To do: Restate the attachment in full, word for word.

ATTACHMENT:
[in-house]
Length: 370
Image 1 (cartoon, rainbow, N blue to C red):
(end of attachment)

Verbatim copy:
[in-house]
Length: 370
Image 1 (cartoon, rainbow, N blue to C red):